Kyrie Irving was surprised, disappointed and deeply hurt. With everything the Cavaliers' All-Star guard has experienced during two seasons in the NBA, nothing prepared him for this.
This was as painful as any injury.
"I just lost my head coach," Irving said, his voice barely above a whisper. "This is all new to me right now. I'm just trying to get over the loss of my basketball father."
A Cleveland team has ditched yet another coach.
Byron Scott was fired Thursday by the Cavaliers following three losing seasons in which the team did not play well defensively or make satisfactory progress for owner Dan Gilbert. Scott was dismissed one day after the Cavs finished an 82-game rollercoaster of a season that included injuries, blown leads, far too many uninspired performances and a dismal final month.
Scott's firing, which seemed inevitable as the Cavs dragged themselves through the past few weeks, was especially tough on Irving. The 21-year-old had formed a tight bond with Scott and hated to see it severed.
"I feel like a piece of me is missing now," Irving said. "Just coming into the league and being drafted by him. The relationship I developed over the two years with him has been very special. It's hurtful."
Scott went 64-166 in his three years with the Cavs, who were weakened by injuries this season but lost four games they led by more than 20 points and often played without passion. Scott was fired one day after Cleveland closed another frustrating season with its sixth straight loss to finish 24-58 — the NBA's third-worst record.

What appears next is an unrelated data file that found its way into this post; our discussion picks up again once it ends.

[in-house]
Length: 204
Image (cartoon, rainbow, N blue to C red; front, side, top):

And so, the Cavs, just six seasons removed from their only trip to the NBA finals with superstar LeBron James, are looking for their third coach in five seasons. They follow the city's Indians and Browns, who both made coaching changes after last season.
With just 13 games under his belt, Indians manager Terry Francona is already the longest tenured team leader in town.
Cavs general manager Chris Grant will begin the search to find Scott's replacement immediately. He said getting a coach in place is "our top priority."
"We'll look for someone with proven success and somebody who is strong defensively with proven systems," he said. "We'll look for somebody who is a teacher, a grinder and worker. Certainly we're excited about some of the pieces we have, but we've got to get better."
With as many as 10 head coaching jobs expected to open, the Cavs may have to act quickly to find a successor for Scott, whose .278 winning percentage is the lowest in team history. Among the coaches they are likely to contact are: former Cleveland assistant Mike Malone, now with Golden State, Indiana assistant Brian Shaw, Miami Heat assistant David Fizdale and former Orlando coach Stan Van Gundy.
There's a chance the team might even pursue former Cleveland coach Mike Brown, who is moving back to the area so one of his sons can finish high school. Grant would not answer a direct question about the defensive-minded Brown, fired this season by the Los Angeles Lakers.